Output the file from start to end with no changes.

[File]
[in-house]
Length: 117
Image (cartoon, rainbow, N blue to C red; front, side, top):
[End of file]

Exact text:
[in-house]
Length: 117
Image (cartoon, rainbow, N blue to C red; front, side, top):